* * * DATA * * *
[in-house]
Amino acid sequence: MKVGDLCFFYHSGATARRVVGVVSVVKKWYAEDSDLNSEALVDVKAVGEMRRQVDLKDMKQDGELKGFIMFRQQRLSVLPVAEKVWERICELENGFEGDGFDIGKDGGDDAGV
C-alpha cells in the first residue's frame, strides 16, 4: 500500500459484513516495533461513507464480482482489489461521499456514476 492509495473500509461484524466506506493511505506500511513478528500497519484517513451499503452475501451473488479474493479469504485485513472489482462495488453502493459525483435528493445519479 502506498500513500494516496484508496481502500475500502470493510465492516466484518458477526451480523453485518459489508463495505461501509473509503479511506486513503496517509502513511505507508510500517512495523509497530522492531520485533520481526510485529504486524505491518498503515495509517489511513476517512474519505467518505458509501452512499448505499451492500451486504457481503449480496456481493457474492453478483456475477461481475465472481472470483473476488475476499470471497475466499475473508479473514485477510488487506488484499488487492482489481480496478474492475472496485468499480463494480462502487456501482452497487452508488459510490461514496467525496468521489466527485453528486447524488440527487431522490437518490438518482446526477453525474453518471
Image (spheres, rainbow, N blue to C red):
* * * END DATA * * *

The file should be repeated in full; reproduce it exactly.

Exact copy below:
[in-house]
Amino acid sequence: MKVGDLCFFYHSGATARRVVGVVSVVKKWYAEDSDLNSEALVDVKAVGEMRRQVDLKDMKQDGELKGFIMFRQQRLSVLPVAEKVWERICELENGFEGDGFDIGKDGGDDAGV
C-alpha cells in the first residue's frame, strides 16, 4: 500500500459484513516495533461513507464480482482489489461521499456514476 492509495473500509461484524466506506493511505506500511513478528500497519484517513451499503452475501451473488479474493479469504485485513472489482462495488453502493459525483435528493445519479 502506498500513500494516496484508496481502500475500502470493510465492516466484518458477526451480523453485518459489508463495505461501509473509503479511506486513503496517509502513511505507508510500517512495523509497530522492531520485533520481526510485529504486524505491518498503515495509517489511513476517512474519505467518505458509501452512499448505499451492500451486504457481503449480496456481493457474492453478483456475477461481475465472481472470483473476488475476499470471497475466499475473508479473514485477510488487506488484499488487492482489481480496478474492475472496485468499480463494480462502487456501482452497487452508488459510490461514496467525496468521489466527485453528486447524488440527487431522490437518490438518482446526477453525474453518471
Image (spheres, rainbow, N blue to C red):